Notes and Queries, Number 49, October 5, 1850 eBook

This eBook from the Gutenberg Project consists of approximately 42 pages of information about Notes and Queries, Number 49, October 5, 1850.

The Encyclopedie Methodique, div.  “Econ. pol. et dipl.” (Paris, 1784), tom.  I. p. 89., mentions the following work:—­

“La Republique des Philosophes, ou l’Histoire des Ajaoiens, relation d’un voyage du Chevalier S. van Doelvett en Orient en l’an 1674, qui contient la description du Gouvernement, de la Religion, et des Moeurs des Ajaoiens.”

It is stated that this romance, though composed a century before, had only been lately published.  The editor attributed it to Fontenelle, but (as the writer in the Encycl.  Meth. thinks) probably without reason.  The title of Berkeley to the authorship of Gaudentio has doubtless no better foundation.


[Dunlop, Hist.  Fiction, iii. 491., speaks of this romance as “generally, and I believe on good grounds, supposed to be the work of the celebrated Berkeley;” adding, “we are told, in the life of this celebrated man, that Plato was his favourite author:  and, indeed, of all English writers Berkeley has most successfully imitated the style and manner of that philosopher.  It is not impossible, therefore, that the fanciful republic of the Grecian sage may have led Berkeley to write Gaudentio di Lucca, of which the principal object apparently is to describe a faultless and patriarchal form of governnent.”  The subject is a very curious one, and invites the further inquiry of our valued correspondent.—­ED.]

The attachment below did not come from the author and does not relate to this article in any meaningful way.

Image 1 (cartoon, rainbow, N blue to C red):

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I was indebted to MR. SINGER for one of the best emendations in the edition of Shakspeare I superintended (vol. vi. p. 559.), and I have too much respect for his sagacity and learning to pass, without observation, his remarks in “NOTES AND QUERIES” (Vol. ii., p. 259.), on the conclusion of the speech of Ferdinand, in “The Tempest,” Act iii., Sc. 1.:—­

  “But these sweet thoughts do even refresh my labours;
   Most busy, least when I do it.”

This is the way in which I ventured to print the passage, depending mainly upon the old copies.  In the folio, 1623, where the play for the first time appeared, the last line stands: 

  “Most busie lest, when I doe it;”

and in that of 1632,

  “Most busie least, when I doe it:”  {300}

so that the whole merit I claim that of altering the place of a comma, thereby, as I apprehend, rendering the meaning of the poet evident.  The principle upon which I proceeded throughout was that of making as little variation as possible from the ancient authorities:  upon that principle I acted in the instance in question, and I frequently found that this was the surest mode of removing difficulties.  I could not easily adduce a stronger proof of this position, than the six words on which the doubt at this time has been raised.

Theobald made an important change in the old text, and his reading has been that generally adopted:—­

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Notes and Queries, Number 49, October 5, 1850 from Project Gutenberg. Public domain.
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